A few weeks ago, my Facebook newsfeed had some disturbing stories and comments scattered through it. The primary target was Steve Scalise, the Republican senator who was shot several months ago. He had recovered from his serious injuries and returned to work. The problem was he accepted an invitation to speak at a gathering sponsored by a Christian organization. Makes sense, the senator claims to be a Christian and fights for Christian values.

Clearly, there are people who will disagree with his political positions. But what I was seeing made my heart grow faint. Friends of mine, not just Facebook friends that I have no other relationship with, but actual friends of mine, were wishing Senator Scalise had died in the shooting. Because he opposes gay marriage, one of my gay friends wrote, “He (Scalise) is despicable and was not worth saving. She (gay police officer) should have let him die.” Another comment on the same post said, “I wish Scalise and all Christians would be shot and none survive.”

Another post lumped Christians in with white supremacists and insisted they “spew hate.” In my 50 years of church attendance and associations with para-church organizations, I must know thousands of Christians. I can’t think of one who hates anyone, and I’ve never heard one spew hate at someone else and certainly not wish someone dead. I know there are some knuckleheads who claim to be Christians who might do that, but none of the Christians I personally know would do that. I wanted to ask these friends to think of the Christians in their lives. Do they really know Christians who hate people? Do they really want those Christians dead? If they do, then that would include me.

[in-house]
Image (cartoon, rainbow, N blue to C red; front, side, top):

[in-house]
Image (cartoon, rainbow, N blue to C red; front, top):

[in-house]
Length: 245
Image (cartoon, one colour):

Around the same time the posts occurred, our neighborhood was inundated with hate mail. It was personalized by what the sender had observed at each house–Proud American (flag on porch), Cat Woman (sign with a cat in front yard), Penn State Fan, etc., not things you would know from looking at Google maps. Someone walked around our neighborhood to create personal hate mail. The notes had drawings depicting hate of Jews and Muslims. This expression of hate hit a little too close to home. Fortunately, our neighborhood banded together and committed to watch out for each other and do all we can to build strong relationships within our community.

But, really, the hate mail didn’t bother me as much as the Facebook posts. The mail came from a white supremacist group in NY. The Facebook posts came from just regular, ordinary people–people I know. My biggest fear is that ordinary people don’t value life anymore. Authorities can’t find a reason for the Las Vegas shooting. He simply didn’t care about the lives of other people. These same ordinary people condemn those who disagree with them, and in doing so, spew the very hate speech they rail against. They cry out for tolerance and diversity but only if those diverse people have a different skin color. If their political views are any different, or their religious views are in opposition to their lifestyle, then they are haters and should be dead. Where’s the tolerance and diversity?